What is the difference between faith and superstition? Question asked by Kate.

Faith is a movement of the heart towards God.  It is brought about by God’s presence in us and is a gift that fulfils our nature.  There are ways in which this capacity in us to trust in goodness can be distorted: we can believe lying politicians and place our hopes in what they offer, even to the point of not seeing the moral evil that impels them.  (Hitler and Stalin would be prime examples.)  The result is a kind of parody of religion that people sometimes call ‘political religion’, which mimics good religion by triggering the same kinds of movements within the person that grace does. 

Faith is not a violation of our reason: it is the flourishing of the orientation towards truth and love that is in us.  The Protestant tradition generally places faith and reason in opposition to each other, as though there is a tension between them that can only be solved by ditching reason and placing the emphasis on a non-rational movement of ‘faith’, understood as something ‘blind’ and ‘unseeing’.  The Catholic tradition refuses to oppose them.  I believe in God not on the basis of arguments about God’s existence but my belief in God is certainly compatible with rational inquiry and investigation, even if my faith is not founded on rational arguments.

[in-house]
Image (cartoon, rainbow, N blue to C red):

Superstition is a complex phenomenon: it is connected with rituals – wearing amulets to ward off evil spirits would be a common practice in many religions.  It is also connected with magic: if I do this, the following effect will happen. 

‘If I walk along the street without stepping on the lines between the paving stones, I will win the lottery’: that would be superstition in which credulous people (people inclined to believe all kinds of daft things, such as horoscopes) weave a kind of fantasy that pleases them.  In general, superstitions don’t trigger off deep movements of love and concern for serious living and doing good to others.  I suspect it’s usually a relic of a stage of childhood in which children, feeling that they are small people in a big world, fantasise about doing powerful and magical things.  It’s certainly not at the core of a mature human identity.  And I suppose in that way, although Christianity can have a superstitious side to it, simply because religion will act as a focus for the varied energies that are in human beings, superstition might look as though it’s got a lot in common with faith, but I suspect that it doesn’t really.  Faith is about deep humanity brought about in us by God; superstition, magic and ritual are quirks of our complex personalities.  

Best wishes.

John McDade SJ